Occurring once every two years, the EMBO conference on Cell Polarity and Membrane Dynamics is an excellent conference for young researchers working on the topic to attend. The conference is limited to about 200 participants, giving one the chance to interact with almost everyone and converse as scientists love to do. This year, it took place between the 4th and 9th of June. The stunning location in Sant Feliu de Guixols, Spain, and the wonderful program put together by organisers Dr. Fernando Martin-Belmonte (CBGMSO, Madrid) and Dr. Gillian Griffiths (MRC, Cambridge) made the event an absolute pleasure to attend!
The conference was divided up into several sessions:
- Mechanobiology and mathematical models
- Planar Polarity
- Epithelial polarity in development and regeneration
- Polarized trafficking, sorting and secretion
- Stem Cells and Cancer
- Polarity in the immune response
- Endocytic pathways in polarity
Each session featured some invited speakers and short talks, with several familiar names from the world of polarity research presenting both published and unpublished data.
The keynote lecture was given by Dr. Marino Zerial (CBG, Dresden) on “Hepatocyte polarity and the organization of the liver”. Hepatocytes exhibit a complex apico-basal polarity: their apical membranes form a three-dimensional narrow belt between adjacent cells, which collectively give rise to the bile canaliculi (BC) network, an essential component for bile secretion and overall liver function. The project from the Zerial lab, focused on using high resolution imaging techniques to build a 3D reconstruction of the bile canaliculi network in order to develop a multi-scale predictive mathematical model. The work so far, hints at a long-range order of hepatocyte polarity in the central-portal vein orientation where hepatocytes are wrapped in sinusoidal cages.
Since my PhD project deals with single molecule techniques and polarity complexes, I thought to focus a little more about two talks that greatly interested me during the conference.
Dr. Oriol Gallego gave a short talk about his recently published data on the structure of the exocyst complex (Picco et al., 2017, Cell). The complex itself is conserved in all eukaryotes and contains eight subunits. So far, we were limited to understanding about 26% of the structure of the exocyst from crystallography techniques. In this study, the authors used engineered yeast to induce the anchoring of the exocyst to static platforms. This anchoring platform was tagged with one fluorophore to act as a reference point, while a fluorophore of a different colour was used to tag the terminus of each of the subunits (one at a time). Using high resolution single molecule imaging, it was possible to measure the distance between the two fluorophores and use a computer model to position the subunits in 3D space. This study not only provided an in depth look at the architecture of the exocyst complex, but also suggested how several exocyst complexes could cooperate during vesicle tethering.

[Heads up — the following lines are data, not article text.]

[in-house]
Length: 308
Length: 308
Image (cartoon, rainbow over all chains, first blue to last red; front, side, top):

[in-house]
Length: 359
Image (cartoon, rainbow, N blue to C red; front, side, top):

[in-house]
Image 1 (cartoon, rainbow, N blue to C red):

Dr. Daniel St. Johnston (Gurdon Institute, Cambridge) gave an interesting talk on unpublished research on the Drosophila midgut epithelium as a novel model system that was more comparable to mammalian epithelia, due to its septate junctions being above the adherens junctions. He focused on the possibility of alternative modes of polarity maintenance, as knocking out several components of traditional polarity pathways seemed to have no visible phenotype. He then went on to discuss more on the lateral junctional components: Discs Large (DLG), Lethal Giant Larvae (LGL) and Scribbled.
Just to mention a few other speakers: Dr. Matthieu Piel (Institut Curie) gave an entertaining talk on controlled cell deformation in aiding cell migration and nuclear damage that occurs in the process, Dr. Suzanne Eaton (CBG, Dresden) spoke on mechanical tension regulating the endocytosis mediated turnover of E-cadherin in the Drosophila wing disc, and Dr. Ian Macara (Vanderbilt University, Nahsville) spoke on an alternative function of PAR-3, which is considered a classical polarity protein, in acting also as an exocyst receptor in mammalian epithelia.
Research from the labs of PolarNet were also featured: Dr. Mike Boxem, Dr. Anne Spang and Dr. Fluorent Peglion (Goehring Lab), all gave talks ranging from RNA based polarity, to the proteins involved in traditional polarity complexes.
At the end of each day, a poster session took place, where the participants mingled, Sangria in hand, discussing new ideas late into the night. All in all, it was a great event for the Early Stage Researchers of PolarNet, to be at.